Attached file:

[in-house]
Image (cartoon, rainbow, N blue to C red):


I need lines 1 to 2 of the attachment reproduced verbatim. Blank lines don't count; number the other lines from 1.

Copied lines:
[in-house]
Image (cartoon, rainbow, N blue to C red):